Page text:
The powerful entries for the 2018 Smithsonian photo contest

From U.S. soldiers testing gas masks to wildebeest storming across the Mara River: The powerful entries for the 2018 Smithsonian photo contest

  • More than 440,000 images have been submitted to the annual Smithsonian Photo Contest over the years
  • There are six categories in the competition including natural world, the American experience and travel
  • A photo of tribal women wearing neck rings and a shot of  leaping wildebeest are also among the 2018 entries

Do you have what it takes to be an award-winning photographer?

Well, if you think you’ve captured a prize shot, you might want to enter Smithsonian.com’s annual photo contest.

The competition has amassed more than 440,000 entries in the 16 years it has been running, with submissions flying in from all over the world.

There are six categories in this year’s contest, including ‘natural world’, ‘the American experience’, ‘travel’, ‘people’, ‘altered images’ and ‘mobile’. 

A stormy shot of snow-dusted peaks in China, an intimate moment between an indigenous couple in Mexico and a candid capture of a U.S. marine corps soldier leaving a gas chamber are among the eye-catching entries so far.

Here MailOnline Travel serves up a selection of photos vying for the number one spot. The 2018 competition closes on November 30 and the winner will be announced next spring…

Callie Chee from Australia took this powerful shot, titled ‘The King’. The image shows Yulong Snow Mountain in Yunna, China, after a heavy snow storm

A U.S. Marine Corps recruit exits a gas chamber at an army camp in California. Roxanna Ortiz, who took the image, notes that the gas chamber trains recruits how to use gas masks so they can respond to potential chemical and biological threats

Ruben Escudero from Mexico took this touching portrait showing a couple after solar electricity was fitted in their home. The photographer explains: ‘Faustina Flores Carranza, 66, and her husband Juan Astudillo Jesus, 63, sit in their solar-lit home in San Luis Acatlan, Guerrero, Mexico. Faustina and Juan have seven children and have been together for 48 years. Like many members of the indigenous community, they have never had access to electricity. When asked how having solar has impacted their lives, Juan said, ”For the first time, we are able to look each other in the eyes in our moments of intimacy”‘

Reiko Takahashi, from Japan, photographed a big school of ‘beautiful’ jackfish swimming off the shores of Aguni Island


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Danie Ferreira from South Africa took this candid shot of a mother polar bear nursing her cub. She said she was on an extreme expedition in east Greenland and travelling by dog sled with locals when she spotted the tender moment

Harry Skeggs from London said he was exploring Ranthambhore National Park in India when he spotted a Bengal tiger ‘peering mysteriously though the foliage’

Maria Plotnikova from Moscow, Russia, titled this shot taken in Havana, Cuba, ‘internetization’. She explained: ‘Currently in Cuba, all internet services are controlled by the state-owned telecoms company ETECSA, and internet access in private houses is practically inaccessible. Recently, however, the situation has begun to change. With WiFi hotspots popping up across Cuba’s major cities, Cubans finally are beginning to embrace the internet revolution, more than ten years overdue’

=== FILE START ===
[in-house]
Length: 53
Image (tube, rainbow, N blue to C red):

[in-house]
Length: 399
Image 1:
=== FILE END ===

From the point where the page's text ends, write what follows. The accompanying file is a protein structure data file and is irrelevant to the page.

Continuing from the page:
Julio Castro Pardo from Spain said of this picture, showing a magnificent cloud arching over a lighthouse: ‘One of the most beautiful corners of the land where I live, Galicia, is this cape, which is located in the national park of the Atlantic islands. It is a unique environment to enjoy nature’

Callie Chee from Australia took this striking image of women from the Karen tribe on the Myanmar side of the Thai border. She explains that the females are best recognized for their elongated necks, with heavy brass rings around their necks and forearms

Russ Allison Loar took this colourful image of his wife, Cheryl, at one of the few 1950s diners left in southern California

Ruben Escudero took this photo titled ‘reflections in Lesotho’, showing a boy with a baby donkey. He explains that in Lesotho, which is a landlocked country in southern Africa, most small farmers can’t afford tractors or motorised transport so they rely on donkeys for transport and to help cultivate crops

Pim Volkers from the Netherlands took this dramatic shot of wildebeest crossing the Mara River in Tanzania. Commenting on the photo he said: ‘We decided to rise very early to be there before sunrise with the hope they would start crossing with perfect light conditions. And so they did…’


Ruben Escudero took this photograph showing a father cradling his sick two-year old son in a makeshift camp in Bangladesh after fleeing violence in Myanmar (left), while Mioara Chiparus took this photo of her hostess, Ekaterina, who looked after her in a sleeping cart while travelling on the Trans-Siberian train route from Moscow to Vladivostok (right)

Willem Kuijpers from the Netherlands took this candid black-and-white shot in Siciliy, Italy. He said that he took it at the end of a 24-hour holy Friday procession in Trapani, with these women weeping as the statue of the Madonna mourning was carried backwards into the church

Alessandro Sgarito from Rome took this photo while travelling in Hong Kong. He titled the shot ‘Divas’ and said he looked on as he watched two women striving to get their best pictures one sunny afternoon

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